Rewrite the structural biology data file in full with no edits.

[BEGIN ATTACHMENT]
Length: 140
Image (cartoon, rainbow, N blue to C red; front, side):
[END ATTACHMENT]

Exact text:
Length: 140
Image (cartoon, rainbow, N blue to C red; front, side):